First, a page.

Thoughtful, detailed coverage of the Mac, iPhone, and iPad, plus the best-selling Take Control ebooks.

 

 

Pick an apple! 
 
Add Slides to Pear Note from Other Applications

If you have some slides in any application, and you'd like to add them to a Pear Note document, there's no need to save them out and then import them into Pear Note. Instead, you can send them directly to Pear Note through a PDF service. For instance, if you had slides in Keynote, just:

  1. Select Print within Keynote.
  2. Click the PDF button.
  3. Select Send PDF to Pear Note.

This can also be used to import other document types into Pear Note to take notes on them as well.

Visit Useful Fruit Software

 
 

Take Control of OS X Server, Chapter 12: Software Updates

Send Article to a Friend

This article is a pre-release chapter in the upcoming “Take Control of OS X Server,” by Charles Edge, scheduled for public release later in 2014. Apart from Chapter 1: Introducing OS X Server, and Chapter 2: Choosing Server Hardware, these chapters are available only to TidBITS members; see “Take Control of OS X Server” Streaming in TidBITS for details.


Software Updates

Frequent software updates have become a fact of life, thanks to Apple continually rolling out new versions of the software that runs your devices in order to fix bugs and plug security holes. Apple has put a great deal of effort into making it easier for Macs and iOS devices to discover, download, and install various updates, for both individuals and groups.

In this chapter, I’ll focus on groups, since OS X Server contains a pair of services that help you manage these updates for your home, office, or entire organization. In particular, OS X Server aims to give administrators two important capabilities:

  • Limit bandwidth usage: Software updates keep increasing in size, with major updates to OS X and iOS hitting multiple gigabytes. iOS apps and Mac apps from the Mac App Store are also an issue, given the number that users download and the frequency with which they’re updated. All that data adds up, and while you can’t avoid downloading one copy of each item, if you have a few devices in a household, or a number of users in an office or school, there’s no reason to tax your Internet connection downloading multiple copies of each item simultaneously as users update en masse.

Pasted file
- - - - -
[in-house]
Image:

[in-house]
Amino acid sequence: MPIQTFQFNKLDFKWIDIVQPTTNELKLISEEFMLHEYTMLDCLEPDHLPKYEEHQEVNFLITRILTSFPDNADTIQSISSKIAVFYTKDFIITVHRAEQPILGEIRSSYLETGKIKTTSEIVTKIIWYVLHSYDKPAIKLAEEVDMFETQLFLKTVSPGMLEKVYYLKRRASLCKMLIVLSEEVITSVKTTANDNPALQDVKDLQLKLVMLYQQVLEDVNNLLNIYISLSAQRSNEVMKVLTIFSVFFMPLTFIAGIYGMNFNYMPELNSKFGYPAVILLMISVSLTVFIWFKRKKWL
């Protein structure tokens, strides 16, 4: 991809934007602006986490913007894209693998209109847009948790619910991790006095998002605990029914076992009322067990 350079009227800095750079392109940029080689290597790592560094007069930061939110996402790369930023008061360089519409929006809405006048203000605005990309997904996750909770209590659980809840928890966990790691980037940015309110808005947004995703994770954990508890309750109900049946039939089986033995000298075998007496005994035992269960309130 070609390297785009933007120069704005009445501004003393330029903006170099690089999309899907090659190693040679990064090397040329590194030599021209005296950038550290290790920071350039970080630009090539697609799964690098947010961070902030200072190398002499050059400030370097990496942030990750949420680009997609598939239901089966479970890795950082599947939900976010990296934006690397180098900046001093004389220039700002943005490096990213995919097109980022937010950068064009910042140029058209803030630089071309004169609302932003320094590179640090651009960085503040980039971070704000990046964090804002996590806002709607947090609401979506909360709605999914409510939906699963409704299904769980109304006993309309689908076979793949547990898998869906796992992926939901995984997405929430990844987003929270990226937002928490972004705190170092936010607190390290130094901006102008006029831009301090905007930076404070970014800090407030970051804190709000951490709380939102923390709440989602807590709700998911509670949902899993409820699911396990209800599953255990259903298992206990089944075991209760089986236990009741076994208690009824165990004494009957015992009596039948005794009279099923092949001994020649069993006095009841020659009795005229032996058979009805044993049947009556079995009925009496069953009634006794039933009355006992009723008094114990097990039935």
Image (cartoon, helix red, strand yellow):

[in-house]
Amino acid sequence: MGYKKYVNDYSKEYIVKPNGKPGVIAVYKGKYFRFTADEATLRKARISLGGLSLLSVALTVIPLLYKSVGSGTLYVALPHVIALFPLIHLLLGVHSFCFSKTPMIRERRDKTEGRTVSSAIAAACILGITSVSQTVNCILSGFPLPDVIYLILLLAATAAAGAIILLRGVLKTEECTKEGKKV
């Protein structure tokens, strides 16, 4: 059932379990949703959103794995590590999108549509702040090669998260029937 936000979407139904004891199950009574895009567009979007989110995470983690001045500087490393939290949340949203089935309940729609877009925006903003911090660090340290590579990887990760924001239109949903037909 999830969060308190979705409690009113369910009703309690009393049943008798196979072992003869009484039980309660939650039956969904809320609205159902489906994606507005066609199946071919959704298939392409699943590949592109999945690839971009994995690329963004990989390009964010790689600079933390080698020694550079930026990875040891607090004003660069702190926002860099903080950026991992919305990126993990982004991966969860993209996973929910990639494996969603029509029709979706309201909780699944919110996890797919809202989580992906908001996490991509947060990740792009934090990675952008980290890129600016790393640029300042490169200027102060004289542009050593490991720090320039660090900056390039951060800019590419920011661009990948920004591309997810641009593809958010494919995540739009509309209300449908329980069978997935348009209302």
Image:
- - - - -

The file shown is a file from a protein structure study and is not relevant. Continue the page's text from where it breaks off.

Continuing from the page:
• Control update distribution: Although Apple and independent developers always intend for their updates to address bugs, it’s not uncommon for an update to cause its own unanticipated problems. I’ve seen OS X and security updates break printing, prevent certain fonts from displaying, and cause certain apps to crash on launch. In each case, a subsequent update resolved the problems, but if you support numerous users, vetting updates before allowing them to be installed can save you significant headaches.

These ideas—caching software updates to reduce bandwidth usage and giving administrators control over which updates are made available to users—underpin two services in OS X Server: Caching and Software Update. They do roughly similar things, but don’t overlap entirely, so you may wish to run one, the other, or both, depending on your needs.

The rest of this 3,293-word article is currently restricted to paid TidBITS members. If you’d like to support our work and become a paid member, it's an easy process and we'll throw in some additional perks.

If you are a paid TidBITS member, you can read the rest of this article by logging into your account. Clicking My Account > Login at the left. Contact us if you have problems.

 

Fujitsu ScanSnap Scanners — Save your business time and money
with our easy-to-use small ScanSnap Scanner line. Eliminate
paper piles by scanning documents, business cards, and receipts.
Visit us at: <http://www.ez.com/sstb>
 

Comments about Take Control of OS X Server, Chapter 12: Software Updates
(Comments are closed.)

There are no comments on this article.